Amaranth

by Allergy Guy

Amaranth is a grain replacement and is suitable for a gluten free diet.  It can be used in many ways, some of which are discussed here.

Amaranth has a nutty but not particularly strong flavor.  Cooked on its own, it has enough flavor to be interesting.

Although a seed, amaranth is not a grain, putting it in a different family from rice and corn as well as the problematic, for those with celiac disease or a gluten allergy, wheat, barely, rye and oats.  Amaranth is therefore a pseudo-grain or pseudocereal.In the parts of the world where amaranth is grown, the leaves can be used as vegetables, making this an important plant in some societies, for example ancient Mexico, Guatemala, and Peru.  Amaranth production was curbed by the Spanish Conquistadors as a method for subjecting and controlling the locals, it is making a small-scale comeback in these countries.  Other strains grow throughout the tropics, and it is cultivated in China, India, Nepal and others.  Many strains are considered weeds, often known as pigweed.

Meanwhile, amaranth has been discovered by the rest of the world, mostly on a small scale.  It is readily available in Canada and the US.

Amaranth is an good source of protein and an excellent source of the essential amino acid lysine, especially compared to regular grains.  However it lacks in other nutrients in which grains are rich, so including both amaranth and grains such as rice is recommended for a balanced gluten free diet.

Amaranth can be eaten as a whole grain or as flour.

Amaranth whole grain can be used as a breakfast cereal, in soups, in stuffing instead of bread crumbs, and many other uses.

Amaranth flour can be used in baking, although it lacks a binder and must be mixed with other ingredients for successful results.

What is your experience with amaranth?  Is it easy to find where you live?  Do you like it?  Share your stories, questions, comments and recipes.  Please leave a comment.


Nutritional Information

Amaranth


Refuse: 0%
Scientific Name: Amaranthus spp.
NDB No: 20001 (Nutrient values and weights are for edible portion)

 

NutrientUnitsValue per
100 grams
Number
of Data
Points
Std.
Error
1.00 X 1 cup
——-
195g
Proximates
Water
g
9.84
11
0.748
19.19
Energy
kcal
374
0
729
Energy
kj
1565
0
3052
Protein
g
14.45
12
0.688
28.18
Total lipid (fat)
g
6.51
12
0.327
12.69
Ash
g
3.04
11
0.651
5.93
Carbohydrate, by difference
g
66.17
0
129.03
Fiber, total dietary
g
9.3
7
1.691
18.1
Minerals
Calcium, Ca
mg
153
10
6.859
298
Iron, Fe
mg
7.59
9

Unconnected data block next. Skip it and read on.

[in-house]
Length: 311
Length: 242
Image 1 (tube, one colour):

0.552
14.80
Magnesium, Mg
mg
266
10
9.715
519
Phosphorus, P
mg
455
2
887
Potassium, K
mg
366
10
26.193
714
Sodium, Na
mg
21
11
4.696
41
Zinc, Zn
mg
3.18
10
0.192
6.20
Copper, Cu
mg
0.777
10
0.067
1.515
Manganese, Mn
mg
2.260
10
0.244
4.407
Vitamins
Vitamin C, total ascorbic acid
mg
4.2
1
8.2
Thiamin
mg
0.080
2
0.156
Riboflavin
mg
0.208
3
0.016
0.406
Niacin
mg
1.286
5
0.438
2.508
Pantothenic acid
mg
1.047
2
2.042
Vitamin B-6
mg
0.223
2
0.435
Folate, total
mcg
49
2
96
Folic acid
mcg
0
0
0
Folate, food
mcg
49
2
96
Folate, DFE
mcg_DFE
49
0
96
Vitamin B-12
mcg
0.00
0
0.00
Vitamin B-12, added
mcg
0.00
0
0.00
Vitamin A, IU
IU
0
0
0
Vitamin A, RAE
mcg_RAE
0
0
0
Retinol
mcg
0
0
0
Lipids
Fatty acids, total saturated
g
1.662
0
3.241
14:0
g
0.011
7
0.021
16:0
g
1.284
7
2.504
18:0
g
0.220
7
0.429
Fatty acids, total monounsaturated
g
1.433
0
2.794
18:1 undifferentiated
g
1.433
7
2.794
Fatty acids, total polyunsaturated
g
2.891
0
5.637
18:2 undifferentiated
g
2.834
7
5.526
18:3 undifferentiated
g
0.057
7
0.111
Cholesterol
mg
0
0
0
Phytosterols
mg
24
1
47
Amino acids
Tryptophan
g
0.181
10
0.353
Threonine
g
0.558
38
1.088
Isoleucine
g
0.582
38
1.135
Leucine
g
0.879
38
1.714
Lysine
g
0.747
38
1.457
Methionine
g
0.226
32
0.441
Cystine
g
0.191
28
0.372
Phenylalanine
g
0.542
32
1.057
Tyrosine
g
0.329
32
0.642
Valine
g
0.679
38
1.324
Arginine
g
1.060
30
2.067
Histidine
g
0.389
32
0.759
Alanine
g
0.799
30
1.558
Aspartic acid
g
1.261
30
2.459
Glutamic acid
g
2.259
30
4.405
Glycine
g
1.636
32
3.190
Proline
g
0.698
28
1.361
Serine
g
1.148
32
2.239
Other
Alcohol, ethyl
g
0.0
0
0.0
USDA National Nutrient Database for Standard Reference, Release 19 (2006)

Nutritional Comparison to Grains

The following table, sourced from Wikipedia, compares the nutritional analysis of Amaranth to other grains:

Synopsis[4] ~ composition:Amaranth[11]Wheat[12]Rice[13]Sweetcorn[14]Potato[15]
Component (per 100g portion)AmountAmountAmountAmountAmount
water (g)1111127682
energy (kJ)155415061527360288
energy (kCal)3713603658669
protein (g)1423731.7
fat (g)710110.1
carbohydrates (g)6552791916
fiber (g)713132.4
sugars (g)1.7<0.1>0.131.2
iron (mg)7.66.30.80.50.5
manganese (mg)3.413.31.10.20.1
calcium (mg)159392829
magnesium (mg)248239253721
phosphorus (mg)5578421158962
potassium (mg)508892115270407
zinc (mg)2.912.31.10.50.3
pantothenic acid (mg)1.52.31.00.70.3
vitB6 (mg)0.61.30.20.10.2
folate (µg)8228184218
thiamin (mg)0.11.90.10.20.1
riboflavin (mg)0.20.5>0.10.1>0.1
niacin (mg)0.96.81.61.81.1

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Leave a Comment

{ 2 comments… read them below or add one }

1 Lisa W July 5, 2017 at 06:53

Recently tried Nabisco Good Thins which contain Amaranth and became violently ill with severe abdominal cramps and vomiting within hours. I have no allergies to food, until now. I’ve eaten those crackers twice and twice been sick as hell.

Reply

2 Allergy Guy July 23, 2017 at 14:04

I would not necessarily assume this is an allergy; although it could be, it seems unlikely since people rarely have allergies to something they have never eaten/been exposed to before. Having said that, I can understand that you would not want to eat those crackers again! Was it more from the same box or when you tried the crackers again was it from a different batch? What did you put on the crackers?

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